It leads one to look at the root of evil. Is evil incarnate or is it created? Is a sociopath born or made? Should a child (essentially) be held accountable for his own monstrosity?

It also echoes fears every mother possesses from gestation to the adulthood of a child: What if I give birth to someone who is damaged? Is it my fault? How much of a child's behavior is because of the mother?

The novel plays on fears, but it also explores our own humanity.

A few years ago, I was booked to narrate Shriver's "A Post Birthday World". It was, like this novel, challenging but in the end, thoroughly rewarding both intellectually and emotionally. I haven't been booked to narrate another of her books (though I so wish I would be), so instead I'm vowing to read everything she's ever written. She is not a writer that makes you feel good. No. She challenges you. She gets in your face and makes you uncomfortable. She demands that you analyze your own life and your own choices. For this reason, I can't seem to put her work down. I'm completely, reluctantly, enthralled.

View all my reviews

Insomnia Causes Epiphanies. Big Ones.

It’s no surprise that I’ve been having (what I lovingly refer to as) an existential writer crisis for about, oh, a year. Well, I think it’s hit its precipice. At least I hope it has. It’s 12:57 AM and I can’t sleep. All I can think is ‘It’s time to do my work’. A rather annoying thought to have when what I’d really like to be doing is sleeping. I know what my brain is telling me. It’s telling me to quit whining, grow up, and write what I should be writing. (I keep thinking of the end scene in Uncle Vanya.)

These last two years on my own with the kids have been pretty chaotic. I’m constantly busy with teaching and narrating and then writing and more recently endlessly promoting my three small books that are out there. You can do a lot of things at one time, I’ve discovered, but you can’t do a lot of things well. I’ve given my all to my kids, my students, my audiobooks, and what little is left over, I give to my own work. There isn't a lot left over, actually. There's hardly anything left over.

Here’s where things get touchy.

I have a huge chip on my shoulder about why my work isn’t catching on, and why I can’t get an agent, and why I can’t get that elusive big New York publisher. Originally, I just thought the world was against me. Now I realize it’s actually more personal than that. My work isn’t good enough. I’m not saying this for pity; I’m saying it because it’s true.

I’ve thrown a tantrum over a colleague of mine and the accolades that he’s rightly receiving. I’ve thrown a tantrum because my alma mater GVSU said they wouldn’t let me do a reading there because the type of stuff I write (romantic comedy) isn’t supported by their department. I’ve thrown a tantrum as I’ve watched other writer friends get agents, book deals, readings at Schuler’s, etc. I threw a tantrum this week when the two agents looking at my new manuscript passed on it, even though they said I’m a good writer with a keen imagination. And I nearly threw a tantrum last night when I googled my college boyfriend, and discovered that he was on The Daily Show in January talking about his critically heralded second book on Detroit and the auto industry. The man is called a genius, and the truth is, he is.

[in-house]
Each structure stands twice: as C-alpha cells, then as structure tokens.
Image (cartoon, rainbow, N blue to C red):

What do any of these tantrums really accomplish? Why am I being such a baby?

Here’s the truth. I have a smidgen of talent and I’ve always floated by on that. I’ve never really tried at anything. Good grades came easy in school. I was a mostly A student. The same in college. Papers came easy, and later so did stories. Now if I’m being really honest, I’ll take it a step further.

Writing is a joy to me. An escape. So I don’t like to work on it. Work is, well, work. My three books out…they’re pretty much 1st drafts. Sure, I fix the typos and I add things here and there, but you’re pretty much reading the 1st draft. Why? Because I’m sort of just floating by.

So while I throw tantrums all over the place about the ‘world not recognizing me’…what kind of effort and work have I put into making them listen? Are my books the best work I’m capable of? No. They’re not. They’re just parlor tricks.

What would happen if I really took some time and energy and put it into a novel? What would happen if I stopped complaining, stopped looking at everyone around me and what they have, and just focused on my work? On those novels that I want to write? On the novels I need to write, but haven't had the energy for? What would happen?

I’m hoping for magic.

This is what I’m going to do. I’m finally at a place in my life where I feel loved and supported and safe. It has taken all my life to get to this point. (My childhood is the stuff of pained memoirs.) I have great kids and a wonderful fiancé and a wedding to plan. I don’t have to fight anymore to be who I am, or struggle emotionally or financially. Things are in place.

So now it’s time to shut up and do my work. I’m returning to a literary novel that I started a decade ago and didn’t want to put the time and energy into it because it was too hard. And I’m also going to rewrite “Tunnel Vision” and see if I can add depth and texture to it. If no one bites on “Foodies Rush In”, I’ll self-publish it and I’ll move on.

I’m tired of my own tantrums. It’s time to get serious about this.

It starts now…

Or, okay, it starts after I get some sleep.

Don't worry. I won't lose my sense of humor in my work, but I'm going to widen the scope a little. There are characters still waiting in Rusty's Bar and Grill, and a fortune teller has moved in above the restaurant. This is what I'm going to work on. Everything else around me is just noise.



Question #4: Any Bites From Hollywood?